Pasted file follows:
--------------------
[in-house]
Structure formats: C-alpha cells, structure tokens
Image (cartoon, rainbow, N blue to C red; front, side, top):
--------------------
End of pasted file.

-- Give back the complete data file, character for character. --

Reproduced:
[in-house]
Structure formats: C-alpha cells, structure tokens
Image (cartoon, rainbow, N blue to C red; front, side, top):